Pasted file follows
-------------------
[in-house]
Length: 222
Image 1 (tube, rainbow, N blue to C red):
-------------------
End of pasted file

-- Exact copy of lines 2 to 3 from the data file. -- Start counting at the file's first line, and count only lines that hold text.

Length: 222
Image 1 (tube, rainbow, N blue to C red):